Mr. EMANUEL. Mr. Chairman, thank you for holding this hearing today. I would also like to thank Chairman McDonough for taking the time to be with us, and for your leadership over the last 18 months, and most importantly, for restoring trust and accountability to the accounting profession and the financial markets, given the shaky last 2 1/2 years that have existed in the private sector.
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    I would also like to thank the Chairman for calling a public roundtable on July 14 for auditors' independence. I wish it could have been July Fourth, which would have been more fitting for auditors' independence, but I do appreciate your doing that. Hopefully, Congress can be invited to participate in some capacity. This issue has been raised both in the public and private sector, dealing with auditors' independence and the issues associated with it. There has also been bipartisan legislation in both the House and Senate. Chairman Oxley and Chairman Baker must be somewhat tired of hearing me gripe about it.
    So I do think this is an issue that we need to deal with, and hopefully we can move on the legislation at some point, or if not, for a hearing or a markup, because in the last 6 months we have had an unprecedented suspension of one of the Big Four. It has never been done before, to my knowledge, and maybe you can shed some light on that, and continuing revelations just last week in The Wall Street Journal about one firm which has been offering advice to companies both on the tax side and on the auditing side that I think raises questions.
    What this is truly in my view not so much that they are doing something wrong. It is that they are operating in a zone with a flashing yellow light. It is neither a red light nor a green light. The consequences of the lack of that what we would call independence or separation of those functions, how does that spill out and affect the American people? According to the GAO, we face a $311 billion tax gap, much of it due to under-reporting, some of it coming from either the corporate or high-end sector where people are receiving tax advice based on unclear rules.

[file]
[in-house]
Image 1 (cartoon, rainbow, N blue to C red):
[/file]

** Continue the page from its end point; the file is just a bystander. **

I would hope that we in this committee can begin to deal with these issues. I would hope that the Board's July 14 roundtable will mark the beginning of not just a public discussion, but a clearer focus on what actions we can take. It is one of the rare moments here that we have bipartisan agreement and bicameral agreement, and we need to deal with this. The consequences are at the end of the day when you have a $300 billion shortfall of under-reporting or not paying, is that that burden shifts to middle-class, working-class families. And nobody then believes the system is fair or that everybody is playing by the same set of rules. And the system, and we represent that system, loses confidence by the American people.
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    So I look forward to your hearing today, asking questions on the subject, and your leadership on this very one particular point. Not only your last 18 months, but I hope the next 18 months are as fruitful for the private sector as the first 18 months.
    With that, I yield back.
    Chairman BAKER. I thank the gentleman.
    Chairman Oxley?
    Mr. OXLEY. Thank you, Mr. Chairman.